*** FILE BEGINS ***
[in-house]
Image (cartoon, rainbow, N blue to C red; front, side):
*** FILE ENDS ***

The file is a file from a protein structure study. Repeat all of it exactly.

[in-house]
Image (cartoon, rainbow, N blue to C red; front, side):